I’ve seen a lot of new people come into the complex world of blogging. In fact, there are thousands of new blogs started every day. The other end of the spectrum is sad, where a large number of blogs shut down every day. It’s the circle of blogging life! I’m not going to say blogging is easy, because it’s not. I run this blog, and three others. It takes a lot of work and coordination to make it all run smoothly or at least appear to be smooth.
As someone who has been blogging since 2004, I get a lot of questions from those who want to start blogging and those who have been in it for some time. One of the common questions I receive is “which host should I choose?” That’s a great question and there are a lot of factors that go into the decision. For the sake of simplicity, I’m going to share why I think shared hosting is great for beginner bloggers.
New Bloggers Should Get Shared Hosting
This post is directed to bloggers who want to pay for hosting and their domain. This is not those who are on the free blogger or wordpress.com platform. Really, it’s for bloggers who want to use the self-hosted version of WordPress from wordpress.org. Considering WordPress is getting close to 50% marketshare, they are the leader in the blogging space as they should be. It’s the ultimate website platform with thousands of tools for whatever you need.
When you want to start a blog and you look into the world of hosting, you can get overwhelmed. There are so many choices it can make your head spin. There are shared hosting environments, virtual private servers (VPS), managed WordPress services, dedicated hosting, and hybrid. There are some others, but this is what you will see. If you jump on different forums or facebook groups, you can see people recommending this service or that. Some feel that you should always find a great host and stick with them. I feel you should test the waters before jumping into an expensive hosting plan.
Shared hosting is basically a service that puts many websites onto one server. The companies are able to keep their prices low because of stacking clients on one box. The more sites they can fit onto a server, the less expensive that server becomes. The biggest problem with shared hosting is overcrowding. Some companies will put too many sites on one server and it can affect performance. This is a problem for bloggers and websites which have consistent traffic. It’s not a problem for people just starting out.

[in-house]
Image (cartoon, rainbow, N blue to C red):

Start Small, then Grow
It’s rare to see a blog start up and grow quickly. Yes, some people can do it, but most of those people are probably already well-versed in the world of blogging and online marketing. People just starting out won’t be so lucky. You won’t create a blog and get tons of traffic right off the bat. The “if you build it, they will come” philosophy doesn’t work with blogs. There are millions of them (at least 60 million) supporting tons of content and an array of topics. There should be little doubt that your blog is completely unique. It’s your writing style and voice which make a blog stand out. It’s not the overall subject matter.
When you’re starting out, you should be cognizant of costs. Hosting does cost money (monthly or yearly) along with domain registration. If you don’t have a lot of money, you shouldn’t plop down a bunch of cash to get the best of the best web hosting service. It’s just not feasible. It takes time to build a following and traffic to any site. Blogs are no different. Shared hosting is perfect for those just starting out with little traffic. In fact, they are built for that specific scenario.
This is where shared hosting comes into play. There are a number of hosts which will give you a little space of the internet to call your own. The best part is they don’t cost a lot. I’m talking about $50 or $60 a year. If you’re blogging and want to succeed, that’s not a lot of money.
The thee biggest hosts out there are probably GoDaddy, BlueHost, and Hostgator. They have a lot of customers. Yes, GoDaddy also provides hosting for sites alongside domain registration. These hosts are able to keep their costs low because of their shear size. If you’re looking for a web host, then these are three that can get you up and running quickly. Yes, you will probably see some people hate them, but these are services geared toward smaller sites and those just beginning.
Related: Check out this video on how to start a blog in just minutes on Hostgator
You Can Move Web Hosts
The good thing about hosting is you’re not stuck there for life. You can move hosts any time you want. Just make sure to check the refund policy of your current host before you make the move. If you prepaid, many hosts will give you back what you didn’t use. Moving from host to host doesn’t take a lot of work, but you do need to know what you’re doing. Some hosts will even do the transfer for you, costing you nothing.
We offer a hosting migration service for those who need a little extra help. We’ve done a large number of hosting migrations helping those small bloggers move to a better service when they outgrew what they previously had. That’s the beauty of the hosting world. There is a ton of competition.
The point of this article is to show you that shared hosting is the right choice for beginner bloggers. Go with a company like BlueHost or Hostgator to start out. You can also check out our resources page for more hosting recommendations. As you grow your traffic, then you can think about moving. While experienced bloggers understand that you get what you pay for, I also understand that costs are a real part of being online. If your site is not making money, you better not be spending a ton of it to keep your site online. That’s a recipe for failure. You can easily change your hosting package and web host as your site grows. No need to get the biggest and best hosting package upfront. It’s not economical!